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LS 102 Course Materials

Introduction to Information Research

Proximity Operators

Proximity or positional operators (SAME, WITH, NEAR, ADJ) locate records in which the search terms are in close proximity within the same record. Proximity operators generally are used to connect words or phrases within a search field rather than between search fields.

Proximity operators are not as universal as Boolean operators. Whereas Boolean operators are generally available and treated the same in all databases, proximity operators may not be available in all databases and may be treated differently. Below are examples of the use of proximity operators in the Library Catalog.

"SAME" Operator

The SAME operator locates records in which one bibliographic record field contains all of the specified terms. All of the search terms are located within the same record field (e.g. Author, Title or Subject), though not necessarily in the same sentence.

Example: Chicago SAME History Only records containing both Chicago and History within the same bibliographic field will be retrieved.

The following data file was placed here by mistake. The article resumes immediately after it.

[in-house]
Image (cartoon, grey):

The SAME operator is the default operator in the Library Catalog.

"WITH" Operator

The WITH operator locates records in which a field contains a sentence with all of the specified terms.

Example: Chicago WITH History Only records containing both Chicago and History in the same sentence in a bibliographic field will be retrieved from this search.

"NEAR" Operator

The NEAR operator locates records in which a field contains all of the search terms next to each other; however, the order of the terms does not have to match the order they were entered.

Example: Chicago NEAR History Only records with the terms Chicago and History next to each other within the same bibliographic field would be retrieved from this search. Both Chicago History and History Chicago would be retrieved.

"ADJ" Operator

The ADJ operator locates records in which a field contains all of the search terms adjacent to each other and in the order they were entered.

Example: Chicago ADJ History Only records with the terms Chicago and History adjacent to each other within the same bibliographic field and with Chicago listed first in this field would be retrieved from this search.

In addition to allowing the ADJ operator, many databases and search engines allow you to specify precise phrase searches through the use of quotation marks. This enclosed search expression must be matched in the database exactly as typed in the search field.

Examples:
Death ADJ Penalty
"Death Penalty"

Note: Phrase searching in the Library Catalog is done using ADJ or single quotes.

Example:
'Death Penalty'